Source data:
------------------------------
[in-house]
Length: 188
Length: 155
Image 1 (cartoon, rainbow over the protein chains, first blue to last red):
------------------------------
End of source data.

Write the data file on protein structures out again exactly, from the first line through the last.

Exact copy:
[in-house]
Length: 188
Length: 155
Image 1 (cartoon, rainbow over the protein chains, first blue to last red):